Perot in a Problem Patch

July 15, 1992

Ross Perot is the invisible man at the Democratic National Convention.

Wherever politicians huddle, there is talk about this wild card in the 1992 presidential race. With his campaign suddenly in disarray, the independent presidential candidate needs a strong vice presidential running mate more than ever. He is likely to make his own choice in his own way in his own time, provided legal deadlines are met in August.

This is in keeping with his imperious persona, which is now a source of weakness rather than strength as he confronts a political world far less disciplined than the business world he has known.

In the past month, Mr. Perot's approval ratings have dropped from the 30s into the 20s while Republican George Bush and Democrat Bill Clinton have held firm in the 30s. If this trend continues, the billionaire Texan could be reduced to an irrelevancy even before his ticket is fully formed.

Mr. Perot's problems first arose with a batch of unfavorable stories about his purported penchant for hiring investigators to probe the lives of adversaries and the tight control he exercises over underlings. Then came his disastrous appearance last weekend before the NAACP in Nashville, when he repeatedly offended his black audience by referring to them as "you people" and "your people."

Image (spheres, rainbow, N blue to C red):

Now the latest setback comes in reports Democrat Hamilton Jordan and Republican Edward Rollins, the respected handlers he hired to run his campaign, are frustrated and may not stay.

Mr. Perot often operates secretly and on his own, showing up on distant TV shows to the surprise of his top staff. Since he is also financing this campaign, he is tight and demanding about expenses, which may explain why he fired a Rollins advertising buddy and has resisted any publicity campaign to improve his image. Finally, there are tensions between volunteers in the field and professionals from his Dallas headquarters.

Given these pitfalls, the choice of a vice president candidate is crucial to the viability of the campaign. There is no dearth of names: Virginia Gov. Doug Wilder, Connecticut Gov. Lowell Weicker, former Planned Parenthood director Faye Wattleton, TV commentator Bill Moyers, Red Cross president Elizabeth Dole, Housing Secretary Jack Kemp, former Ambassador Jeane Kirkpatrick, former astronaut Sally Ride, chairman of the joint chiefs Colin Powell, Radcliffe College president Linda Wilson -- the list goes on and on.

Such speculation has the advantage of intimating that Mr. Perot is wide open to a vast array of people without regard to race, gender, region and occupation. But it also shows how much he needs balance all over the political spectrum because his own political experience is so limited.

A widely admired running mate could give him inroads into Republican or Democratic voting blocs, perhaps both, and provide a lift of several percentage points in a close race.

Mr. Perot had better get his act and himself together, and soon, or risk a collapse of candidacy as spectacular as its meteoric rise.

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